For the first time, the Canadian police have confirmed that they are using the same genetic technique that finally seized the suspected Golden State Killer in order to resolve their case.
Police in Vancouver hired US-based Parabon NanoLabs to search all available genealogical records hoping to find any connection to the DNA of a suspected killer. The sample was collected at a flat in West End, where the body of Edgar Leonard was found in 2003.
Parabon searches for public genealogical locations such as GEDmatch and FamiliTreeDNA, which allow the police to access their databases. Most other well-known DNA testing companies do not cooperate with police without a search warrant.
The goal is to find the perfect connection or identify the relatives who could lead the detectives to the killer.
It is the same method that led to dozens of recent cold-sum arrests south of the border, including the arrest of a suspected Golden State Killer, whom the police say is responsible for the burglary, rapes and killings terrorized by several districts in California between 1974 and 1986.
Joseph James DeAngelo, 73, was arrested in April 2018 and charged with 13 murders. There are also at least 50 sexual assaults suspected.
Vancouver detective Sgt. Mike Heard recently spoke to CBC Nevs in front of a residential building in which 36-year-old Edgar "Iggi" Leonardo was found dead 16 years ago.
"I'm thinking about what the original investigator saw in 2003 and looking at the land, and I'm wondering, you know how the suspect went," Heard said on the sidewalk, next to an older building in a densely populated part of the city.
The original investigator retreated several years ago, leaving Heard to pick up the killer's track.
The police think Leonardo met someone in a gang in Vancouver late in the night on August 23, 2003, and brought him home.
"And then he was killed here," Hard said, pointing at the seven-storey building. The police are not publishing details of how Leonardo was killed or exactly where his body was found in his apartment.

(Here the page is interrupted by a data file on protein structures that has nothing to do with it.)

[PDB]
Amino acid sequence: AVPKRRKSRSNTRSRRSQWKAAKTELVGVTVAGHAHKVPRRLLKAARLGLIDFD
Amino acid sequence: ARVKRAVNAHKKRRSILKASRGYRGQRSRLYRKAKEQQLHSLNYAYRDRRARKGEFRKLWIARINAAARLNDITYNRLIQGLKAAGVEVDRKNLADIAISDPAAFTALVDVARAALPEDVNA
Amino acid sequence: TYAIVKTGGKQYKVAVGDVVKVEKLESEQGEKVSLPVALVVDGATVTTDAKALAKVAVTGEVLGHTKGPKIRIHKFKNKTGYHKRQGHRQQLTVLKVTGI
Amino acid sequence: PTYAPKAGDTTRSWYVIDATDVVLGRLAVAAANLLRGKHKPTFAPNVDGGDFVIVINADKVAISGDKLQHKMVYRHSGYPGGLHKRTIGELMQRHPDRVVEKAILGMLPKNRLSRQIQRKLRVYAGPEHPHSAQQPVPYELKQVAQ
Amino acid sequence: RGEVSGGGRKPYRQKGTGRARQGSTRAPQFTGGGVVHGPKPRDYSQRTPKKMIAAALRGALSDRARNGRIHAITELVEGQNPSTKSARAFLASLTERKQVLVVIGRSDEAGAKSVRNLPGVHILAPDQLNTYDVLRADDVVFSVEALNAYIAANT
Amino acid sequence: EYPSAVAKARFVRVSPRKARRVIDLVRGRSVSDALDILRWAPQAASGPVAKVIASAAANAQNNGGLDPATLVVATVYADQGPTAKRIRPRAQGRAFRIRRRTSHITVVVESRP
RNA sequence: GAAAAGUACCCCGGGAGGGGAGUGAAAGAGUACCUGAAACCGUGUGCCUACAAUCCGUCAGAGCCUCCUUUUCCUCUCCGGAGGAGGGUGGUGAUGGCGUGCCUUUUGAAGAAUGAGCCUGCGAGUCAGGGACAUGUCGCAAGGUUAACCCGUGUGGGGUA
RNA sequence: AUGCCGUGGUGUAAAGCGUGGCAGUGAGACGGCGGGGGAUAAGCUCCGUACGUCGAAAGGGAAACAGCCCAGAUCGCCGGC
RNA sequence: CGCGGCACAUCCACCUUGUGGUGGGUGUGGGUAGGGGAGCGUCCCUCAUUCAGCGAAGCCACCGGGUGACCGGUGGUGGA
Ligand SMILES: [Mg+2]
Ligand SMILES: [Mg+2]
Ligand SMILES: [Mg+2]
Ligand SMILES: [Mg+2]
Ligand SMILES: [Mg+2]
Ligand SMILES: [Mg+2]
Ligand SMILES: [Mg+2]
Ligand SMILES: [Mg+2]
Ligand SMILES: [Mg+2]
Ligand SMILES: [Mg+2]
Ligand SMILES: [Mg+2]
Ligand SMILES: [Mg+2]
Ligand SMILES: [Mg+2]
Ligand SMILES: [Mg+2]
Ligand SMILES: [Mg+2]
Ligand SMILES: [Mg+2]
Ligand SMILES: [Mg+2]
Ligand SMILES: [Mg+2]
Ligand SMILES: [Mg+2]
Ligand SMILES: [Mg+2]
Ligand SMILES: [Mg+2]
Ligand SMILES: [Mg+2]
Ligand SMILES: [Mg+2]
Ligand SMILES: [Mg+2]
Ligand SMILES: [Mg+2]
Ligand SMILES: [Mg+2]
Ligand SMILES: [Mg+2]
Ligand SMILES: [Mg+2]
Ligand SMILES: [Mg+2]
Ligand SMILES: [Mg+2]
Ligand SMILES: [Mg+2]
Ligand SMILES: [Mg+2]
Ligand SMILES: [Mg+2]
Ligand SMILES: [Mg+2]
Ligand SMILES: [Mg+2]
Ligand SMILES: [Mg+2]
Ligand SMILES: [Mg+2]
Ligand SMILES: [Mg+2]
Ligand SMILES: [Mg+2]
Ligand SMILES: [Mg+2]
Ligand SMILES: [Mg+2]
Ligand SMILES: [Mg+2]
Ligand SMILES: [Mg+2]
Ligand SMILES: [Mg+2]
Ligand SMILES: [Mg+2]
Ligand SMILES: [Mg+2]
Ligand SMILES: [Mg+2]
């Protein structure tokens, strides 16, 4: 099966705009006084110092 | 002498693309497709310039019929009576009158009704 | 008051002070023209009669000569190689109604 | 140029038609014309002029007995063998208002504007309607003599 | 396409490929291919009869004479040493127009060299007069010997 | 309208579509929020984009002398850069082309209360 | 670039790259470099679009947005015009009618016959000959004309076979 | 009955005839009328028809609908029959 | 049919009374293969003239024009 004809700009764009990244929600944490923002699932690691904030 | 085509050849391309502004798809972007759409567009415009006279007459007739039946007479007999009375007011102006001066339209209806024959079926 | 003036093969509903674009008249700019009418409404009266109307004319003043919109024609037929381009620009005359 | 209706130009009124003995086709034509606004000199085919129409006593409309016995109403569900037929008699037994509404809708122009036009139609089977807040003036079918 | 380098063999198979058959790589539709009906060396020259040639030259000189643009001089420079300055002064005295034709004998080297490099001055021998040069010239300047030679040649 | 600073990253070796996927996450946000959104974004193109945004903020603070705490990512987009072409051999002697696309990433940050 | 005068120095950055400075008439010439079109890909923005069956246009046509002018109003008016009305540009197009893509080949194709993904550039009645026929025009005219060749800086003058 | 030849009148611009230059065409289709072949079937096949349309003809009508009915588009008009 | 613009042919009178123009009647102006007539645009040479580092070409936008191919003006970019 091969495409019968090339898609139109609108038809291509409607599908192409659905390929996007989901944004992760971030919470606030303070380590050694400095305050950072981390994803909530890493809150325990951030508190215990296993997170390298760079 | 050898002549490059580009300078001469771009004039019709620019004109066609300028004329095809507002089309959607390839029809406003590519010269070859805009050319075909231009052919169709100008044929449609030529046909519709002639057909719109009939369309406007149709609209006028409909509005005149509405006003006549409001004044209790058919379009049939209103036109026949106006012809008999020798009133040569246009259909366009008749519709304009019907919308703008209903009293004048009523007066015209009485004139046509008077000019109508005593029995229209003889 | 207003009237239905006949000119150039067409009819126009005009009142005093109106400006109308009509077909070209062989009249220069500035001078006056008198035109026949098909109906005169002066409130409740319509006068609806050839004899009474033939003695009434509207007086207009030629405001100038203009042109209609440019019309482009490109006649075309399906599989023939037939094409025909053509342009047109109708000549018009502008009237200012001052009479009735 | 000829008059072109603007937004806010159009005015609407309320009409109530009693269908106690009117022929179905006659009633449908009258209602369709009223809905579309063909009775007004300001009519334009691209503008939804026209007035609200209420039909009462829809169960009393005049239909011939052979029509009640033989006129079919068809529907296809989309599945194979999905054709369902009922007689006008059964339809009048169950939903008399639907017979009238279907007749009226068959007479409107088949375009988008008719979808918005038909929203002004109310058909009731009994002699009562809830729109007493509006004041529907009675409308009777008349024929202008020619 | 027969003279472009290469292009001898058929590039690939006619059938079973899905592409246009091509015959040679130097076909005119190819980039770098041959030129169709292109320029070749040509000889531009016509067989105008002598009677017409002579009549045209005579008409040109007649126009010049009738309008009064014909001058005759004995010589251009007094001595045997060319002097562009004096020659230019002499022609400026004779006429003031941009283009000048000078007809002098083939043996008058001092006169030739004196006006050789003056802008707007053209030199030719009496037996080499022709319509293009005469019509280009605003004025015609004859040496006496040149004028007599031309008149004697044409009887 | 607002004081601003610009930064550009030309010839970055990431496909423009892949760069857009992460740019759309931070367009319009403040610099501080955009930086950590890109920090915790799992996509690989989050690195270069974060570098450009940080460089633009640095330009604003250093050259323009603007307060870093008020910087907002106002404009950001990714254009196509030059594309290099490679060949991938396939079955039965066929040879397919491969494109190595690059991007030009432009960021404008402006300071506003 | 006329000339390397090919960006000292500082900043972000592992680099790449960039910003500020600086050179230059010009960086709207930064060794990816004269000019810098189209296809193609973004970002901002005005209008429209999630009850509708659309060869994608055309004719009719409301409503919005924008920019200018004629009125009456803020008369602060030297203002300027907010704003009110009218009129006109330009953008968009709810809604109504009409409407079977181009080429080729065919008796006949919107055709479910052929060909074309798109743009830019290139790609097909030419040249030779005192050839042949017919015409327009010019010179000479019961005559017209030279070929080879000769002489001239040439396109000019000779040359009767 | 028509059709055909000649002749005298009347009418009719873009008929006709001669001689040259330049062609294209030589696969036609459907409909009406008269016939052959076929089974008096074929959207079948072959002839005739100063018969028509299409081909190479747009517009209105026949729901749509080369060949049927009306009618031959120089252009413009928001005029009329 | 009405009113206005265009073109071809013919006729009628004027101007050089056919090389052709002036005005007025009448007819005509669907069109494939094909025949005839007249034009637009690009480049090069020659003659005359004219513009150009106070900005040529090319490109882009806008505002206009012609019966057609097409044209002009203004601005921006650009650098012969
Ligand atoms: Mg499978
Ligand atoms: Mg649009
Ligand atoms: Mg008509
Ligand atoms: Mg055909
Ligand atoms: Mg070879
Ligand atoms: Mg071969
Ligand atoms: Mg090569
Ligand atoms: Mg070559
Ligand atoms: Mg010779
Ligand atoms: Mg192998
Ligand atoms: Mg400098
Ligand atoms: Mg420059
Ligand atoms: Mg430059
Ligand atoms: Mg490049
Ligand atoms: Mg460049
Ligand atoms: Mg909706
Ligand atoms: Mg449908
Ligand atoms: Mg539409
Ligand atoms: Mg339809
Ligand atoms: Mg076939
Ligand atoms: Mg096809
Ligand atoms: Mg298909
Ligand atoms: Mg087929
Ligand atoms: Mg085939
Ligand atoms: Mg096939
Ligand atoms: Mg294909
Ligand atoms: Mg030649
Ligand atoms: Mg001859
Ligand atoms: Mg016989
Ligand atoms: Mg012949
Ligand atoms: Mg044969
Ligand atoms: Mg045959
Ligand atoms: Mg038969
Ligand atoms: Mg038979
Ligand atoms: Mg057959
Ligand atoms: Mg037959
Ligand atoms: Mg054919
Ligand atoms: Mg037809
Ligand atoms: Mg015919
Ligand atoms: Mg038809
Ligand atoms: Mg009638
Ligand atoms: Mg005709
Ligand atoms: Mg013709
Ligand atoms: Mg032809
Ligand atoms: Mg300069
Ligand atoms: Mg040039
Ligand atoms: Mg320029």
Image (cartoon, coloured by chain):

He heard that the police had good DNA evidence but did not answer anything in the Canadian law enforcement database, which included only DNA records of convicted criminals.
But he is optimistic that recent discoveries using genetic genealogy will soon find their suspects.
Solving some of the toughest cold cases
The police investigating the Golden State Killer case also had DNA evidence, but as detectives from Vancouver, they could not find a direct match with law enforcement banks.
In 2018, they tried a new technique. Instead of seeking a 100 percent match in criminal databases, they searched outside the police records of any relatives, no matter how far they are.
They started by comparing their genetic-tagged samples that were placed at GEDmatch, an open source site that cooperates with the police and holds DNA profiles of around 1,000,000 people.
GEDmatch began in 2010 to help genders and amateurs enter deeper into their history and help link adopters with their biological relatives. When you transfer your genetic profile to a site, you are asked to accept that this can be shared with law enforcement authorities.
Using GEDmatch, the police succeeded in identifying more than a dozen people with genetic markers linking them to a suspected killer.
Genealogist Barbara Rae-Venter worked with investigators to build a family tree. The traditional work of the police has helped to fill up some missing branches.
After the search narrowed down to two possible suspects, the police followed DeAngela and got their DNA from the door handle of the car. This corresponded to their sample site of the crime, which led to DeAngel's arrest in his home near Sacramento on April 24, 2018.
DeAngelo worked as a police officer in northern California for six years, beginning in 1973. Investigators believe that the knowledge he gained at work helped him avoid arrest for so long.
A Canadian couple killed in the state of Washington
Similar investigative techniques have led to the arrest in a cold case involving a young Canadian couple who was killed in the state of Washington in 1987.
Tania Van Cuilenborg, 18, and Jai Cook, 20, were on a fast trip to Seattle, but they never returned home to Victoria.
The body of Van Cuilenborg was found in a ditch near Bellingham, and Cook's remains were found at a distance of about 100 kilometers, near the Snokualmie River in the Snohomish district.
Tani's brother, John Van Cuilenborg, for years knew that the police had a sample of what they thought was a DNA killer but could not find a match.
"It's always been taken away because it was certainly not right that someone was not responsible, that it would not be solved," he said in a recent CBC interview at his home in Victoria.
Tanjin's best friend, May Robson, was destroyed when she learned that her friends had been killed.